Catalyst Summer 2016

The Long Road to State Renewable Energy Standards

Wind turbine

Photo: Creative Commons/Lance Cheung (Flickr)

By Pamela Worth 

The verdict is in: a recent study by the US Department of Energy found that state level policies called renewable energy standards not only promote the use of clean energy, but also help save money, create jobs, improve public health, and are great for the environment. A renewable energy standard (RES)—sometimes also called a renewable portfolio standard—is a market based policy that requires electricity providers to gradually increase the amount of wind, solar, and other renewable energy resources in their power supplies.

The Union of Concerned Scientists has worked with state legislatures and other organizations to pass and strengthen renewable energy standards for the past two decades; today, 29 states and the District of Columbia employ them. According to the Energy Department study, in 2013 alone, RES policies generated $7.4 billion in public health benefits from the reduction of power plant carbon emissions, supported nearly 200,000 well-paying jobs in renewable energy, and saved energy consumers $1.2 billion—among other benefits. Equally important, they are the impetus for most new renewable energy development nationally.

As powerful and effective as RES policies are, they almost didn’t happen. While UCS research clearly demonstrated that these standards could hasten the transition to clean energy, as a new and relatively untested strategy they didn’t catch on immediately

Spotting an Opportunity

In the 1990s, deregulation of electric utilities put the future of renewable energy in jeopardy. As deregulation took hold, state governments had much less authority to require utilities to fund the research and development needed for wind and solar power to thrive across the country. Without pressure from regulators, electricity companies could go about their business as usual—putting at risk the best chance to minimize carbon emissions from a sector of the economy responsible for nearly 40 percent of the US total.

A group of energy researchers in California hatched the idea of creating renewable energy standards as a market-friendly mechanism to ensure investment in renewable energy. Advocates and analysts at UCS soon saw the idea’s potential and began a campaign to implement RES policies closer to home, in Massachusetts. UCS performed detailed analyses of the costs and benefits of renewable energy, and presented a compelling case to state legislators—who then insisted on an RES as a condition of utility deregulation. In 1997, Massachusetts became the first state in the country to implement an RES in this way.

Over the next 15 years, UCS and its allies steadily built on this success, conducting research and analysis on the renewable energy capacity of dozens of individual states—and on the consumer, job, environmental, and health benefits associated with implementing an RES. Working with state partners across the country, UCS pushed for widespread implementation of renewable energy standards, providing data, modeling, and any other support that could help legislators implement them.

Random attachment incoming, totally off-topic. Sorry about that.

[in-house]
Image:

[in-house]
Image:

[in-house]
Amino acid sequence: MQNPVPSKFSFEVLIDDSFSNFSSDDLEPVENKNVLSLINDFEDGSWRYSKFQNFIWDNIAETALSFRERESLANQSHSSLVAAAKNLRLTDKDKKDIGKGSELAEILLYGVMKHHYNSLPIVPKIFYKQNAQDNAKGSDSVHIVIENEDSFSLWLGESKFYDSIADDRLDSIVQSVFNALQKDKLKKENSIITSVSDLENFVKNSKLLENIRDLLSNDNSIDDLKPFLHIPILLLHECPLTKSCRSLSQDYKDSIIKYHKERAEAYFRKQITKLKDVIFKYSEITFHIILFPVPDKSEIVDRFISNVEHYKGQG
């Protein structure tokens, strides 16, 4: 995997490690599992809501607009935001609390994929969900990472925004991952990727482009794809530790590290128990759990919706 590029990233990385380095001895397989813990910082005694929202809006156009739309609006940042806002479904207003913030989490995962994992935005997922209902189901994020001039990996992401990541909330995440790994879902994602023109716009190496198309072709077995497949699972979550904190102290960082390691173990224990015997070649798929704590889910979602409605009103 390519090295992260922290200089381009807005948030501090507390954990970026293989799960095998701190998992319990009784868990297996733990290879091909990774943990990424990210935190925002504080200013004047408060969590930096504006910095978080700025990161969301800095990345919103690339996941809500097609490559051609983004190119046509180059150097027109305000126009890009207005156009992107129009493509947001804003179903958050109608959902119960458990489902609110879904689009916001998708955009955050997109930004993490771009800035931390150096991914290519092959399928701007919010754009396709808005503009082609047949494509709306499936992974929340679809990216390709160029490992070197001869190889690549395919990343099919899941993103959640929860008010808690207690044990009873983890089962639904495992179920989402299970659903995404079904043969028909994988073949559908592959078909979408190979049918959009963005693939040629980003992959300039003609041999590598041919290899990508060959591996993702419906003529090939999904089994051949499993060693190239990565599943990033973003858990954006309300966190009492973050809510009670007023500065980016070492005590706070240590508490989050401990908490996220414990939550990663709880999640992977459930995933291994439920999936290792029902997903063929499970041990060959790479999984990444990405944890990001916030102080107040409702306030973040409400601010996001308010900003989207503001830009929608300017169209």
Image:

The idea quickly caught on between 2004 and 2009, when the standards spread from New Mexico to New Jersey. These early adopters helped build the case that an RES could be affordable and achievable. Soon, more states signed on, even during the years of the George W. Bush administration when federal action on climate change was negligible.

Reaping the Rewards

Today, thanks in large part to the success of state RES policies, renewable energy is gaining ground across the country. US wind power capacity grew eightfold between 2005 and 2015 while solar power capacity grew by a factor of 12 in the same period. Renewable energy has also become cheaper and more competitive: as more states adopt policies promoting technologies such as wind and solar power, the costs of producing it drop dramatically. Wind energy has seen a 66 percent decline in cost since 2009, and the average price for large-scale solar photovoltaic installations has dropped by more than 82 percent in thesame period. (For a recent, striking example of the consequences of this decrease in cost, see “Startling Texas Forecast Highlights Solar’s Growing Role.”)

Unfortunately, efforts to help additional states adopt an RES have met with resistance. Some state legislatures have deep ties to fossil fuel companies, and choose not to act on renewable energy in order to avoid alienating those interests; some resist nearly all regulatory intervention in business. And although UCS has supported efforts to implement a national RES, a federal plan has not yet succeeded.

Nonetheless, while the number of states with an RES seems to have peaked for the moment at 29, markets for renewable energy continue to expand, as many of the 29 have chosen to strengthen their standards. California is the most notable of these success stories: it began with an RES requiring that 20 percent of the state’s electricity come from renewable sources by 2017, bumped that up to 33 percent by 2020 a few years later, and just last year reset the target to 50 percent by 2030. It’s an impressive requirement, especially given the size of California’s economy. But it is not the most ambitious—that honor goes to Hawaii, which has adopted an RES requiring 100 percent of the state’s electricity be derived from renewable energy by 2045.

Someday, when clean, renewable energy predominates across the United States, the RES may become a footnote in the history of our energy policy. But we’re not there yet. In the meantime, UCS is actively pushing to expand the use of what has proven to be one of the most powerful tools we have to get us closer to a fossil fuel-free future.